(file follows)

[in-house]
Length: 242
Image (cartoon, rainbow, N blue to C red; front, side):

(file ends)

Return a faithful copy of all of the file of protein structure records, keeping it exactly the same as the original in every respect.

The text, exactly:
[in-house]
Length: 242
Image (cartoon, rainbow, N blue to C red; front, side):